In closing, I have two thoughts. First and foremost, why do we need an inventory to tell us what God has given us? Think about that for a second. If God has given us a gift, to use in service to Him, His church, and His people, are we so lacking in faith that we truly believe that He will not cultivate and reveal these gifts to each of us? They are GIFTS after all, given to us by God. To lay dormant? To be ignored? To be revealed because some survey said so? I’ve got to believe God is far more persistent, purposeful, intelligent, understanding, and capable than that. Can you imagine God giving you something, a blessing in many ways unique to you and then saying, “Go forth and allow the survey to reveal to you.”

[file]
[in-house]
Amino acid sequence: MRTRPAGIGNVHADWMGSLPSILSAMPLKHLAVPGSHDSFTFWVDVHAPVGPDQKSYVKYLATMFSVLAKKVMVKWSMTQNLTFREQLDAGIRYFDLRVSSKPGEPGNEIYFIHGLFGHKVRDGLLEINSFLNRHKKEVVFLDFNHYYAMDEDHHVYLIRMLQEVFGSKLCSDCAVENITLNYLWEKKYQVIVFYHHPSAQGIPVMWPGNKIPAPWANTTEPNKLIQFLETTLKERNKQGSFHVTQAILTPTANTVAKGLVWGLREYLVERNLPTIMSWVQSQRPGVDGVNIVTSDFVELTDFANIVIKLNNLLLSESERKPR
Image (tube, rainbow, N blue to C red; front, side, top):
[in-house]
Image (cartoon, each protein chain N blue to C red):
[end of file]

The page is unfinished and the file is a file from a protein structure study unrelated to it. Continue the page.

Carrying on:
I truly, honestly love giving gifts. And I cannot imagine giving someone something so personal , so special, so perfect that it is truly a gift completely and totally of my heart, a gift that truly could alter the life of the recipient, with the potential to affect numerous others, for them to receive it and to stare blankly at it. And to make matters worse, that they would feel the need to go to someone else, much less a stack of papers, to decipher what that gift was. Come to me, I’ll teach you, I’ll show you, I’ll show you how to truly take advantage of it (I guess in my case it would be the gift of making my super, special Monster Cookies which only get whipped out at Christmas). Can we not imagine God being much the same, albeit with far greater and more perfect gifts? Are we willing to place such limits on God?